Front Page Titles (by Subject) CHAPTER 8.: Its Corollaries - The Principles of Ethics, vol. 2
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CHAPTER 8.: Its Corollaries - Herbert Spencer, The Principles of Ethics, vol. 2 
The Principles of Ethics, introduction by Tibor R. Machan (Indianapolis: LibertyClassics, 1978). Vol. 2.
Part of: The Principles of Ethics, 2 vols.
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281. Men's activities are many in their kinds and the consequent social relations are complex. Hence, that the general formula of justice may serve for guidance, deductions must be drawn severally applicable to special classes of cases. The statement that the liberty of each is bounded only by the like liberties of all, remains a dead letter until it is shown what are the restraints which arise under the various sets of circumstances he is exposed to.
Whoever admits that each man must have a certain restricted freedom, asserts that it is right he should have this restricted freedom. If it be shown to follow, now in this case and now in that, that he is free to act up to a certain limit but not beyond it, then the implied admission is that it is right he should have the particular freedom so defined. And hence the several particular freedoms deducible may fitly be called, as they commonly are called, his rights.
282. Words are sometimes profoundly discredited by misuse. The true ideas they connote become so intimately associated with false ideas, that they in large measure lose their characters. This is conspicuously the case with the word “rights.”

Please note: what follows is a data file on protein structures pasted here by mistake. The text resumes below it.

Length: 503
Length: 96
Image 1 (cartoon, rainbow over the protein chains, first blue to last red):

In past times rivers of blood were shed in maintaining the “right” of this or that person to a throne. In the days of the old Poor Law the claims of the pauper were habitually urged on the ground that he had a “right” to a maintenance out of the soil. Not many years since we were made familiar with the idea, then current among French workingmen, that they had a “right” to labor; that is, a right to have labor provided for them. At the present time communists use the word “rights” in ways which entirely invert the meaning given to it by past usages. And so lax is the application of the word that those who pander to the public appetite for gossip about notable personages, defend themselves by saying that “the public has a ‘right’ to know.”
The consequence has been that, in many of the cultivated, there has been produced a confirmed, and indeed contemptuous, denial of rights. There are no such things, say they. except such as are conferred by law. Following Bentham, they affirm that the state is the originator of rights, and that apart from it there are no rights.
But if lack of discrimination is shown in such misuse of words as includes under them more than should be included, lack of discrimination is also shown in not perceiving those true meanings which are disguised by the false meanings.
283. As is implied above, rights, truly so-called, are corollaries from the law of equal freedom, and what are falsely called rights are not deducible from it.
In treating of these corollaries, as we now proceed to do, we shall find that, in the first place, they one and all coincide with ordinary ethical conceptions, and that, in the second place, they one and all correspond with legal enactments. Further, it will become apparent that so far is it from being true that the warrant for what are properly called rights is derived from law, it is, conversely. true that law derives its warrant from them.